An essay by Steven Petrow in today's New York Times caught my eye. The essay was titled "New Cancer Threat Lurks Long After Cure" and dealt with "secondary cancers." These cancers are caused by the radiation and chemotherapy treatments for an initial cancer.
Mr. Petrow contends that cancer survivors go in one of two directions. Some are stalked by anxiety, depression or post-traumatic stress disorder. Others experience higher self-esteem, a greater appreciation for life or a deepened spirituality.
He cites late Senator Frank Church, a cancer survivor who wrote that survival led him to live life more fully:
Life itself is such a chancy proposition that the only way to live is by taking great chances.
Senator Church followed his own advice and became an avid environmentalist and led a life of doing good whenever and wherever he could.
I agree with Senator Church up to a point. I think taking risks in life can lead to more fulfillment and satisfaction. However, I don't think all chances have to be "great." Even taking small risks like speaking to a stranger or doing an unexpected kindness for someone can lead to a more satisfying life.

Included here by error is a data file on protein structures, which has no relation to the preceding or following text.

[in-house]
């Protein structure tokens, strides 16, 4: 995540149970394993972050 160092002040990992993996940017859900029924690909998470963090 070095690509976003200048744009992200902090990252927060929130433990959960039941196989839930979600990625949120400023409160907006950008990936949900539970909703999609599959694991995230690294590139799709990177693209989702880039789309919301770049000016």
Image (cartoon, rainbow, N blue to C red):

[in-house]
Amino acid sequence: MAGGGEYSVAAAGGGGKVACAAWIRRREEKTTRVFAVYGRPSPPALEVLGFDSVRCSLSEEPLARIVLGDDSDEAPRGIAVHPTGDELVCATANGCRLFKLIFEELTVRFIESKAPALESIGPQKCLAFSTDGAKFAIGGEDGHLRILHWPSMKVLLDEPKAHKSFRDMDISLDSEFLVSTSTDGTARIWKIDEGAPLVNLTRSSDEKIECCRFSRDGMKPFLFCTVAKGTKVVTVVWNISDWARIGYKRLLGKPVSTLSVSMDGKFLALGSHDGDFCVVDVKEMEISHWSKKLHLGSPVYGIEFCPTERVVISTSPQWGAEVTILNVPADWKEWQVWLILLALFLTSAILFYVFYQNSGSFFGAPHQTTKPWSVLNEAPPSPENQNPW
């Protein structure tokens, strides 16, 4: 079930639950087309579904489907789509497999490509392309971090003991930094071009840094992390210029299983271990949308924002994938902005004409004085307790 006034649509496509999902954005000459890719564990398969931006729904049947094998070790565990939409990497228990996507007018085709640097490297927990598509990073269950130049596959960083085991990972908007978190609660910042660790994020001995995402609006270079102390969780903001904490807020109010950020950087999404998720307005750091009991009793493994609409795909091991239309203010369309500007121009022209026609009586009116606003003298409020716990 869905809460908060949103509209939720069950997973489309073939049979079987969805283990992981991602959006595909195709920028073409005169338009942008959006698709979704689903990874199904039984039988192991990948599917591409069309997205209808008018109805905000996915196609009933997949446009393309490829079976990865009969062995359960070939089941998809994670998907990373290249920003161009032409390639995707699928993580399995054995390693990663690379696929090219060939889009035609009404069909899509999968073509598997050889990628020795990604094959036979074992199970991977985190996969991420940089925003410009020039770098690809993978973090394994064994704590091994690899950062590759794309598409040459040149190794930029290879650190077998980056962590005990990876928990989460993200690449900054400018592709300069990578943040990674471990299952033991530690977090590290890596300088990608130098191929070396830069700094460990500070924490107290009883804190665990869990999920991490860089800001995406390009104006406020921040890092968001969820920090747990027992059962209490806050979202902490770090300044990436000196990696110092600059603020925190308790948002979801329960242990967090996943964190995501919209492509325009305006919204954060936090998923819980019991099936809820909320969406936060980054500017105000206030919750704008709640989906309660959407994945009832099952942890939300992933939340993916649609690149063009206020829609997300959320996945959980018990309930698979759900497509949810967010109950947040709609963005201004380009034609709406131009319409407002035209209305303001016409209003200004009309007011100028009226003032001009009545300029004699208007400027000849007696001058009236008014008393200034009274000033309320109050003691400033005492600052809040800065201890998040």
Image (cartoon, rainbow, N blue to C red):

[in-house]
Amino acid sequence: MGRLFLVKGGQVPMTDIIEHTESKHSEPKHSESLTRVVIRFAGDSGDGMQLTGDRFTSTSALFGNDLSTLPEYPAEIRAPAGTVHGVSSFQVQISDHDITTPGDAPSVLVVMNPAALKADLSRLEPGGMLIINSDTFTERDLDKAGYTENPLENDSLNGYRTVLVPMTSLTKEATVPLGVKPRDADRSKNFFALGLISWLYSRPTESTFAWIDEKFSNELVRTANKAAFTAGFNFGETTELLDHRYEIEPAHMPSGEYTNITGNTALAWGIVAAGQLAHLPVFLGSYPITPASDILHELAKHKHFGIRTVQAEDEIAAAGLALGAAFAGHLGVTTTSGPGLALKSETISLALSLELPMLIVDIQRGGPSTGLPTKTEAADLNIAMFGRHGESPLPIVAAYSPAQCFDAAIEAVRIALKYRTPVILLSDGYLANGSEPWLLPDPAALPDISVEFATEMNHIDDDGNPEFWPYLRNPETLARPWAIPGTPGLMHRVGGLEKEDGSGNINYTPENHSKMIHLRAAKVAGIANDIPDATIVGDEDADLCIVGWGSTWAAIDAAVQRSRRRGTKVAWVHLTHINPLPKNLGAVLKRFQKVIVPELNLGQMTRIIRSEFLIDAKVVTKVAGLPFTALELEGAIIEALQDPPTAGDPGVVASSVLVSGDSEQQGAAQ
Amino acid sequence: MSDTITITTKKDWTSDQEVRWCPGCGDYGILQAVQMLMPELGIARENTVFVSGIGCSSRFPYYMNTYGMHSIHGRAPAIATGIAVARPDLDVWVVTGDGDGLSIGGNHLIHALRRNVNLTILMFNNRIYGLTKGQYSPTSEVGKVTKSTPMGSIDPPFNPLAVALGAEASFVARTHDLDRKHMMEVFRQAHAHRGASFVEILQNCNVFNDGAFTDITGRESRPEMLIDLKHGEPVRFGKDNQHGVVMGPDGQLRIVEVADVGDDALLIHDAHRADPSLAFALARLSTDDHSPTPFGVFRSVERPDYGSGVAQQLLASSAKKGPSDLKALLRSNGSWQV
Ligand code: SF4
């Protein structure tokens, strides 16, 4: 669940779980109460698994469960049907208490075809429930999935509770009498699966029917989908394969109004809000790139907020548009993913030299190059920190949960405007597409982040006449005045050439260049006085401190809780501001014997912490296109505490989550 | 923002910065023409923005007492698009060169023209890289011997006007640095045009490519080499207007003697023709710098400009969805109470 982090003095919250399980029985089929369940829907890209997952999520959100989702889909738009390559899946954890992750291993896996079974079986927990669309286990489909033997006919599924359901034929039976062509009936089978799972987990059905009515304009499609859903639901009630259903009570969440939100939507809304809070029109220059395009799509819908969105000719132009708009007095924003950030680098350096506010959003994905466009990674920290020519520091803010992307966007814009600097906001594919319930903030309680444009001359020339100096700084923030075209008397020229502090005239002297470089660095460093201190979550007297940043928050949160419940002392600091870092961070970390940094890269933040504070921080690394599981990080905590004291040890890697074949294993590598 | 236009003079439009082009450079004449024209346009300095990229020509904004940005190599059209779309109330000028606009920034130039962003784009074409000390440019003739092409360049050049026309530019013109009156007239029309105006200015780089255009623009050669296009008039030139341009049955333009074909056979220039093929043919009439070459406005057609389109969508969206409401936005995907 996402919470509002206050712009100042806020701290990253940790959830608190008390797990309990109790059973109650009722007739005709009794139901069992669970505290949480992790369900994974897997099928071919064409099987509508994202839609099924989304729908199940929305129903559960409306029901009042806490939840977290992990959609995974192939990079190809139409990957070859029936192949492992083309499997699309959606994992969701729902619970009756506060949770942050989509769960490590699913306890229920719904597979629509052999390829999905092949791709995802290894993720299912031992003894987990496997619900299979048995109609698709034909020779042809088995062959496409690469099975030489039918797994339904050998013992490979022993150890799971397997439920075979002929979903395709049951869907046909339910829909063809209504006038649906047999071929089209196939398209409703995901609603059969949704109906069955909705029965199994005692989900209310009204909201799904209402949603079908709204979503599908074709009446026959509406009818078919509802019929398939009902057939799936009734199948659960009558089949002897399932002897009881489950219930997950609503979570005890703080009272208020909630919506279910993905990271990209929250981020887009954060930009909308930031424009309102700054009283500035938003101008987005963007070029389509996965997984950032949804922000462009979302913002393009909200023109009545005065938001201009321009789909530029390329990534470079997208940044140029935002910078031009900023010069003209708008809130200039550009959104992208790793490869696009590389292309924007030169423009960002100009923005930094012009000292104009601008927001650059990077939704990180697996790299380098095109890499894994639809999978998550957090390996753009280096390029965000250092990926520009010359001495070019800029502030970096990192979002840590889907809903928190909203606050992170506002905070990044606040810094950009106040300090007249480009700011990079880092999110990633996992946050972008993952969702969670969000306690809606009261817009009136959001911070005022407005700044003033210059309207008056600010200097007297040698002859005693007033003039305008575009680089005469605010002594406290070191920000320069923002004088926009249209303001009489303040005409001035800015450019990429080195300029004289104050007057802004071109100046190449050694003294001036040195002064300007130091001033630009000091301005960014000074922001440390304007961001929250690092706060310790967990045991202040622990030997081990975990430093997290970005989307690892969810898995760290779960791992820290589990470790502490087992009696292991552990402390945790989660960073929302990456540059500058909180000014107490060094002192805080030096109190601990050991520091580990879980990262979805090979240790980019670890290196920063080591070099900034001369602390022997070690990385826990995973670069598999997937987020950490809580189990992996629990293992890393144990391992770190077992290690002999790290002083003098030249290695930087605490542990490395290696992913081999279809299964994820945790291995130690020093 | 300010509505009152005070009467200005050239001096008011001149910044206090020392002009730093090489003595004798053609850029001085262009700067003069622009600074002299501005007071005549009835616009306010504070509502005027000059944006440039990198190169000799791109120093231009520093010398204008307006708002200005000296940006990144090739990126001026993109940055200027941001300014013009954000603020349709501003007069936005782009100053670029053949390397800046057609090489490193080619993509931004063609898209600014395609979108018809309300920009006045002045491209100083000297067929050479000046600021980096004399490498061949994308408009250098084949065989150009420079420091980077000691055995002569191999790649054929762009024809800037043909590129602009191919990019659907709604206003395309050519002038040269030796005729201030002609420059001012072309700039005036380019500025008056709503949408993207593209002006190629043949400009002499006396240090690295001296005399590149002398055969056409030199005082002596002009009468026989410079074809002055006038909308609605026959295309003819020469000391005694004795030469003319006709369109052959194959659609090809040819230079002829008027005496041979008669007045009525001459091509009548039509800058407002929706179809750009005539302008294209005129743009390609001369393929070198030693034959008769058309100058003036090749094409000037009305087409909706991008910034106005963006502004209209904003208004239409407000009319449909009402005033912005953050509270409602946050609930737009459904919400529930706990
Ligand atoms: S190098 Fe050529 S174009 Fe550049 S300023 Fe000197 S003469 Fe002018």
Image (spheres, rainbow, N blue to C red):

Another way of putting this is to get outside of your comfort zone. Trying new things and doing things that are unfamiliar often require us to go beyond what is safe and comfortable. Doing this leads to growth and growth seldom happens without risk or difficulty.
Fortunately, I haven't had to deal with cancer. Yet, I think Senator Church's advice is good for those of us who don't have a life-threatening illness.